This is topic Help needed with B&H TQ1 (655) in forum 16mm Forum at 8mm Forum.
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Posted by David Fouracre (Member # 3883) on June 30, 2018, 06:42 AM:
I could use some help.PLEASE
Does anyone have the sprocket timing template OR a sized cardboard copy of this template.I have replaced the worm gear and thought I had done the worst bit! But even looking at the printed manual picture of the template (which is NOT to scale) and aproximating the sprocket positions, is just not it seems good enough.
The machine has had a number of effective mods which I have effected over the years,without problem, but this timing problem, without the appropriate timing template, could mean scrapping an old and trusted friend.
If you can help, with a loaned template original, or copy, any postage charges would of course be re-imbursed.
If you have any suggestions or alternative routes I could take, I would appreciate any contributions.
Posted by Robert Crewdson (Member # 3790) on June 30, 2018, 07:08 AM:
There is a video on Youtube, or was, showing how to replace the worm gear on a TQ1, and I think this might help with your timing problem.
Posted by David Fouracre (Member # 3883) on June 30, 2018, 08:31 AM:
Thank you for that.
I have seen the video, but it does not resolve correcting timing of sprockets. It would apprear only the timing template will resolve this problem.
Thanks for response anyway.
Posted by Simon McConway (Member # 219) on June 30, 2018, 02:02 PM:
I have changed a fair few worm gears over the years and timed the lower sprocket as follows, with success. Simply thread some leader/scrap film by placing the mech in autothread and using the inching knob to inch the film through. Once the film exits after the second sprocket, stop inching and pull the film to free the auto thread film guides. On the rear of the shaft of the bottom sprocket is a large gear. Undo the small grub screw (all of this at the rear). I think there may even be two. Holding the gear, turn the sprocket so that the bottom loop is formed to the correct size, then tighten up the grub screw. If there are two, don't forget to tighten the other one. Repeat the inching through of the old film, and pull the film once it exits. Check the size of the bottom loop. Adjust if needed, again. I've always done it this way, having copied the technique from an ex B & H engineer I watched working on a machine. Top sprocket never needed adjusting, but if it does then follow the manual. In many respects though, the manual is fairly useless you'll find.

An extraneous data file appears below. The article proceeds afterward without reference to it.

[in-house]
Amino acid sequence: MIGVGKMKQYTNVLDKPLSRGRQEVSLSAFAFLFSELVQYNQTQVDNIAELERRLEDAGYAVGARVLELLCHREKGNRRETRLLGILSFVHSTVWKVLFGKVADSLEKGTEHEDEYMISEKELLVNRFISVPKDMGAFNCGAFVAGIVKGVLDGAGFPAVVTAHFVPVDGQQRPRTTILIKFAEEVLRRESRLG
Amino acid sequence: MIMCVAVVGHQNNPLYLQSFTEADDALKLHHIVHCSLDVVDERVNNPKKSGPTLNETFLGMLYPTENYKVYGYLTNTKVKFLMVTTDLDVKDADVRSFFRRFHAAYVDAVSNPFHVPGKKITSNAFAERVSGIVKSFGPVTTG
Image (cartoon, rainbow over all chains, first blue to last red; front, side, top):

Posted by David Fouracre (Member # 3883) on June 30, 2018, 04:08 PM:
I thank you for that info, and will report back.
Posted by David Fouracre (Member # 3883) on July 01, 2018, 05:32 AM:
Have followed your guidlines a number of times and all seems ok, loops conforming to size, but as soon as the mech is powered all hell breaks out, with loss of loops and torn perfs!
It would appear I am still missing something.
Posted by Simon McConway (Member # 219) on July 01, 2018, 06:37 AM: